Prices of consumer goods soared unusually high in 2019

Updated 03 Jan 2020

Email

CONSIDERING the high prices mentioned by the shopkeeper, a woman in a quandary over what to buy at a shop in the Shahabuddin Market on Thursday.—White Star
CONSIDERING the high prices mentioned by the shopkeeper, a woman in a quandary over what to buy at a shop in the Shahabuddin Market on Thursday.—White Star

KARACHI: 2019 proved a tough year for the consumers in terms of rising living costs fuelled by record-high food inflation.

With no effective price checking mechanism at provincial and city government levels despite several meetings by Prime Minister Imran Khan on the price stability issue, the market stakeholders this year had set a highest benchmark for various commodities such as wheat flour, vegetables, chicken, pulses, red meat, CNG etc.

Many consumers remembered purchasing tomato at a maximum rate of Rs400 per kg amid demand and supply gap in local crop and imports from Iran.

They also braved to pay up to Rs500 for live chicken meat, followed by green mash price of Rs320 per kg which was Rs180 per kg in January 2019. Capsicum price soared to Rs320 per kg few months back followed by over Rs100 in onion.

‘Prices remained on the higher side mainly because of currency devaluation, which we call imported inflation’

A price comparison from January last year to now revealed an increase in price of moong to Rs240-260, from Rs130-150 per kg; mash to 200-240, from Rs140-180; gram pulse to Rs160, from Rs120 per kg. Sugar now costs Rs75 from Rs65 per kg.

Consumers had witnessed a jump of Rs100 per kg in various tea prices in the last one year while loose milk climbed to Rs110-120 per litre, from Rs94, followed by yogurt to Rs160, from Rs140 per kg.

The most alarming jump was seen in varieties of flour which went up by Rs15-18 per kg from April 2019 onwards. Both federal and provincial governments gave a free hand to millers to jack up prices. A month back, the government woke up to bring down flour prices.

The federal government had started releasing wheat stocks to provincial administrations, including Sindh. Wheat bag price in the open market rose to over Rs4,800 per 100kg, from Rs3,000 in April 2019.

Flour price impact on roti

Karachi Wholesale Grocers Association (KWGA) Chairman Malik Zulfiqar Ali said that Commissioner of Karachi Iftikhar Ali Shallwani in a meeting had decided to set the ex-mill of flour at Rs43 per kg.

As a result, in the city’s retail markets, flour will be sold at Rs45 per kg. The 10kg bag’s wholesale and retail rates are fixed at Rs430 and Rs450 per bag, respectively.

Malik said the business delegation comprising of KWGA, Flour Mills Association, Retailers Association and others participated in the meeting chaired by the commissioner.

Due to rising flour price and gas tariff, consumers are now paying Rs12 for a roti as compared to Rs10 while sheermal and taftan rates are up by Rs5 each.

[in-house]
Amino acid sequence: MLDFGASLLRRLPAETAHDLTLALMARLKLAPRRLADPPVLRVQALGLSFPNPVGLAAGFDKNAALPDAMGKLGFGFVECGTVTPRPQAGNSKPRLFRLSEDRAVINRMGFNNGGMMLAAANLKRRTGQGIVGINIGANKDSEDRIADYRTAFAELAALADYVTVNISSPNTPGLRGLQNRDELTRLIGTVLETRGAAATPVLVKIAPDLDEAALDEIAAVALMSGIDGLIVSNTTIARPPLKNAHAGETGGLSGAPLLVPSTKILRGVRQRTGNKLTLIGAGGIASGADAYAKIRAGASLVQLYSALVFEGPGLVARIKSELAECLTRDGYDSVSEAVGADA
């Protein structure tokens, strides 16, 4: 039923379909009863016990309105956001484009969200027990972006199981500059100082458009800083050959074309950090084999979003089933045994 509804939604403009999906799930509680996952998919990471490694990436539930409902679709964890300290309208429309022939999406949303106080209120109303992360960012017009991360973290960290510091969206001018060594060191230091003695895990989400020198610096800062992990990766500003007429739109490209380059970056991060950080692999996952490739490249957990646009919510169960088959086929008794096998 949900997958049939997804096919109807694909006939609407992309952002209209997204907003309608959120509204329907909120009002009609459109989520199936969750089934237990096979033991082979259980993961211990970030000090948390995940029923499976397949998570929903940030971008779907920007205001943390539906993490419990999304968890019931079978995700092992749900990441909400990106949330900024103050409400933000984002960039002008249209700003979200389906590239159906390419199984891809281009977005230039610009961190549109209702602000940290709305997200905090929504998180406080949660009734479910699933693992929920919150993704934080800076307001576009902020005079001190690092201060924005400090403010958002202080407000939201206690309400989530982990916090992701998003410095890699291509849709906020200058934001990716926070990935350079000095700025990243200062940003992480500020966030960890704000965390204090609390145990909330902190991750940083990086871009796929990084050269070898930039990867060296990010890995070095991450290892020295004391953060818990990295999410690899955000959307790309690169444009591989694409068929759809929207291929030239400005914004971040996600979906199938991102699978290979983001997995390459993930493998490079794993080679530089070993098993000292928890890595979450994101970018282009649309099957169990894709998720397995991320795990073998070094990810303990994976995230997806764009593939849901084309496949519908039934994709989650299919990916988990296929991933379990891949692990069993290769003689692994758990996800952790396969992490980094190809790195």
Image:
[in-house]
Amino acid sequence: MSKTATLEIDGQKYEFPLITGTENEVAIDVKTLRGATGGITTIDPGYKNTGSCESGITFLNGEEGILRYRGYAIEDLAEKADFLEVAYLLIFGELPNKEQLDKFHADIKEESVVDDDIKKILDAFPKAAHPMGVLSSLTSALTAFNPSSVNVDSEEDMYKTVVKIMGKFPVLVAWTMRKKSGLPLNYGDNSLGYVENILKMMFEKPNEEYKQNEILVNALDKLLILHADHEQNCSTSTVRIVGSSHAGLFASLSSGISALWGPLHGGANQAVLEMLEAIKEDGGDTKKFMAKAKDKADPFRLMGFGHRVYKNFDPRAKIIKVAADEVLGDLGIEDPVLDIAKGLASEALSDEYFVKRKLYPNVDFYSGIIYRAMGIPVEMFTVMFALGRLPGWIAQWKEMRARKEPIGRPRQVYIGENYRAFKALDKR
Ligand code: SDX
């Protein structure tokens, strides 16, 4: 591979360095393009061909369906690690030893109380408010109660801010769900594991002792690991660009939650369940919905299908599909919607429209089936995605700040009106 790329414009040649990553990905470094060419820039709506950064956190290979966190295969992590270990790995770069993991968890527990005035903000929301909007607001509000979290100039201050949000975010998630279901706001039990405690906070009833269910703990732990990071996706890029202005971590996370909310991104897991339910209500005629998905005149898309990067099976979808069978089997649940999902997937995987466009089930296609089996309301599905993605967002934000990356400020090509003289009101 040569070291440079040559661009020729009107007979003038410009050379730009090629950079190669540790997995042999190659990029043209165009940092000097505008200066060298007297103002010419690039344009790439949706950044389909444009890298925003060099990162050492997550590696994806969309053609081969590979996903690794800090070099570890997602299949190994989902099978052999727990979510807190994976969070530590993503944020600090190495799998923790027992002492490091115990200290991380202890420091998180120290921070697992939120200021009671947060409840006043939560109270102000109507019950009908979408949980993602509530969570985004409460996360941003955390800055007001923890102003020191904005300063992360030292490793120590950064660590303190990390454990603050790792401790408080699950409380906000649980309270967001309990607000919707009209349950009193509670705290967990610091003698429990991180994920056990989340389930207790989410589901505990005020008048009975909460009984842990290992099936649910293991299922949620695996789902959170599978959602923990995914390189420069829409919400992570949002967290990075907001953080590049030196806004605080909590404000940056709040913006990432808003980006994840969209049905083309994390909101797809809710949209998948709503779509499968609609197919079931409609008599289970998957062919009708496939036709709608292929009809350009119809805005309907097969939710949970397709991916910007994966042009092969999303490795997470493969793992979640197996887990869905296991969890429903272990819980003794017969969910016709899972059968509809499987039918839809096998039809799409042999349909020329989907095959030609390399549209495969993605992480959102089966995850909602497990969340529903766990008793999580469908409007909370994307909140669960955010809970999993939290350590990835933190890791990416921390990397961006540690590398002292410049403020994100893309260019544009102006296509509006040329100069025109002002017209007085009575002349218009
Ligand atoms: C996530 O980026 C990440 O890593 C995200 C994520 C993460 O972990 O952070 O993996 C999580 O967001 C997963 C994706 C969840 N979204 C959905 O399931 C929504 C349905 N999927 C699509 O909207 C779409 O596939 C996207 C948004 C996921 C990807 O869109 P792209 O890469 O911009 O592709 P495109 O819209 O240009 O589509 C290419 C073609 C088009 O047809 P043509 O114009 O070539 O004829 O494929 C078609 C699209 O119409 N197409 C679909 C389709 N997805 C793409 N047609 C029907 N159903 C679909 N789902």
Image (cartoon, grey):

A rice wholesaler said the commodity’s prices had surged by Rs10-20 per kg but retailers are making windfalls by charging 30-40 per kg extra at their end.

Ghee and cooking oil prices went up by Rs20-30 per kg/litre over the last one year.

Meanwhile, veal meat with and without bones reached Rs540 and Rs640, from Rs500 and Rs600 per kg, followed by a hike in mutton price to Rs1,100-1,200, from Rs950-980 per kg.

Gas tariff for commercial rose by 31 per cent to Rs1,283mmbtu in the last one year while for residential customers (for up to 100 cubic metres a month) it is now Rs300mmbtu from Rs 127; tariff for up to 200 cubic metres increased to Rs553mmbtu, from 264mmbtu; up to 300 now stands at Rs 738mmbtu versus Rs275; and up to 400 swelled to 1,107mmbtu as against Rs780mmbtu.

Topline Securities Research Director and Chief Economist Syed Atif Zafar said the 50kg urea bag now costs Rs2,010, up by 10.4pc.

He said 50kg cement bag price fell by 6.8pc to Rs564 owing to competition among the players after start of new production lines at various cement factories.

“Consumer Price Index in Jan 1, 2019 was 5.5pc as compared to the current 12.63pc,” he said, adding: “The prices remained on the higher side mainly because of currency devaluation, which we call imported inflation.”

He said supply shocks because of discontinuation of trade with India also resulted in higher food prices while the increase in duties and taxes also contributed.

Zafar was of the view that power tariff for household and commercial rose by 17-18pc in the last one year.

In petroleum products, petrol and diesel rates rose to Rs116.60 and Rs127.26 per litre, from Rs90.97 and Rs106.68 per litre last January. Similarly, liquified petroleum gas is now available at Rs151.82 per kg versus Rs115 per kg from a year back.

LPG Distributors Association Senior Vice Chairman Ali Haider said surprisingly, local gas prices are linked with Saudi Aramco while legal imports and illegal arrival are being made from Iran. He attributed the hike to rise in international rates and rupee devaluation against the dollar.

CNG price now stands at Rs123 per kg as against Rs104 per kg in January 2019 owing to increase in gas tariff in July of the outgoing year.

Hike in petroleum prices also caused sharp rise in public transportation charges by Rs5-10 depending on the distance.

Published in Dawn, January 3rd, 2020